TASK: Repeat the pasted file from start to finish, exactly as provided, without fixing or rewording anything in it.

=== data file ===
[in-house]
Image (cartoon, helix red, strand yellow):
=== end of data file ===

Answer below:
[in-house]
Image (cartoon, helix red, strand yellow):